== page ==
Earlier this year, the Corporate Transparency Act (CTA) became the latest law intended to foil financial crime. This law is part of the National Defense Authorization Act and requires certain entities to disclose the identities of those who own or control it.
Anonymous no longer
Perpetrators of criminal acts such as fraud, drug and human trafficking, and terrorism often use anonymous or shell companies to launder ill-gotten funds and avoid prosecution. By removing anonymity from business ownership, the CTA makes it harder for criminals to engage in criminal activity.
Forcing disclosure of an entity’s beneficial owners enables law enforcement to penetrate corporate walls. In fact, New York Federal Reserve research suggests that the CTA will reduce criminal transactions by approximately 70%.
Unlike other laws designed to combat financial crime (such as Know Your Customer regulations), the CTA is relatively simple and straightforward. To comply, certain companies must disclose their “beneficial owners” to the Financial Crimes Enforcement Network (FinCEN). Most covered companies are small, privately owned, for-profit corporations or limited liability companies.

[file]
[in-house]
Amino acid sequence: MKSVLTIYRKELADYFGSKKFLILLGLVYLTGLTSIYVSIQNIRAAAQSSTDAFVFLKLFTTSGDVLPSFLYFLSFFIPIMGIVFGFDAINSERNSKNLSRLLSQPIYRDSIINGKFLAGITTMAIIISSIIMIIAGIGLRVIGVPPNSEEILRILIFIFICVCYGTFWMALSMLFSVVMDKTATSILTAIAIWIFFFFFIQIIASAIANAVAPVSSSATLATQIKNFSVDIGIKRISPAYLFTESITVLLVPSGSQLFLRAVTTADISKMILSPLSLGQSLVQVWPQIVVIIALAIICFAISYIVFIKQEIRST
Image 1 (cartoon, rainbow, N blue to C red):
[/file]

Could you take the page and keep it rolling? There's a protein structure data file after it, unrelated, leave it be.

The CTA defines a beneficial owner as a natural person who:
- Exercises substantial control over the entity, or
- Owns 25% or more of the entity.
People may also qualify as beneficial owners if they receive substantial economic benefits from an entity’s assets.
If you qualify as a new company’s beneficial owner, you need to submit your name, address and date of birth to FinCEN. Existing covered companies should provide ownership information within two years of the law’s effective date.
You aren’t required to submit financial information or details about your company’s operations. And once you’ve disclosed ownership, your company doesn’t have to provide regular updates to FinCEN unless ownership changes. Registry information will typically remain private. But regulators can share it with government agencies.
Exceptions to the rule
The act provides exceptions to the beneficial ownership classification. Currently, minor children; individuals acting as nominees, intermediaries, custodians or agents on another person’s behalf; and individuals whose only interest in an entity is through a right of inheritance aren’t considered beneficial owners.
Not all entities are required to report, either. Publicly traded companies, depository institutions, insurers and larger companies with at least 20 full-time employees and $5 million in gross receipts usually are exempt.
The law’s effective date depends on the U.S. Treasury Department, but the Treasury must publish regulations by January 1, 2022. Penalties for noncompliance will include up to $10,000 and three years in prison. Contact our risk management team for details about preparing for these new regulations.